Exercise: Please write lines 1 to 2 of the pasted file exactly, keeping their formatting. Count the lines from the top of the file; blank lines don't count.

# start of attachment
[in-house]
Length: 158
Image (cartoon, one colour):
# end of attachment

[in-house]
Length: 158